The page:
Allozyme polymorphisms and heavy metal levels in the green-lipped mussel Perna viridis (Linnaeus) collected from contaminated and uncontaminated sites in Malaysia
Yap, Chee Kong and Tan, Soon Guan and Ismail, Ahmad and Omar, Husaini (2004) Allozyme polymorphisms and heavy metal levels in the green-lipped mussel Perna viridis (Linnaeus) collected from contaminated and uncontaminated sites in Malaysia. Environment International, 30 (1). pp. 39-46. ISSN 0160-4120
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Official URL: http://dx.doi.org/10.1016/S0160-4120(03)00144-2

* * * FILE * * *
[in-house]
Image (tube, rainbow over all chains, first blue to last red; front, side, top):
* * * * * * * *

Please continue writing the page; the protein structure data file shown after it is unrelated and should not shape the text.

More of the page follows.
It has been widely reported that heavy metal contamination in coastal waters can modify the allozyme profiles of marine organisms. Previous studies have recorded elevated metal concentrations in sediments and mussel tissues off Peninsular Malaysia. In the present study, horizontal starch gel electrophoresis was carried out to estimate the levels of allelic variation of the green-lipped mussel, Perna viridis, collected from one contaminated and three relatively uncontaminated sites off Peninsular Malaysia. Fourteen polymorphic loci were observed. In addition, the concentrations of cadmium, copper, lead, mercury and zinc were determined in the sediments and in the soft tissues of the mussels. Mussels from contaminated site, evidenced by high metal pollution indices (MPI) of the sediment and the mussel tissues, showed the highest percentage of polymorphic loci (78.6%), while those collected from the uncontaminated sites had lower MPI of the sediment and mussel tissue, and exhibited lower percentages of polymorphic loci (35.7–57.1%). The population from the contaminated site showed the highest excess of heterozygosity (0.289) when compared to that of the populations from the three uncontaminated sites (0.108– 0.149). Allozyme frequencies at the phosphoglucomutase (PGM; E.C. 22.214.171.124) locus also differed between the contaminated and uncontaminated populations. Previous studies have shown that exposure to heavy metals can select or counter-select for particular alleles at this locus. The present results suggest that allozyme polymorphism in P. viridis is a potential biomonitoring tool for heavy metal contamination but further validation is required.
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